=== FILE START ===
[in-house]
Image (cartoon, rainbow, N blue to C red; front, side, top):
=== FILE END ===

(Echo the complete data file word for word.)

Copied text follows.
[in-house]
Image (cartoon, rainbow, N blue to C red; front, side, top):